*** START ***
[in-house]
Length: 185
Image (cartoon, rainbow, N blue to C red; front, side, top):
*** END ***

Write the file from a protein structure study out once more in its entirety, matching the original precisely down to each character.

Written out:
[in-house]
Length: 185
Image (cartoon, rainbow, N blue to C red; front, side, top):